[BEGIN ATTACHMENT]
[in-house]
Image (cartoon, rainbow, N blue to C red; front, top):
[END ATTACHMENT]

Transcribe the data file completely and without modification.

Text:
[in-house]
Image (cartoon, rainbow, N blue to C red; front, top):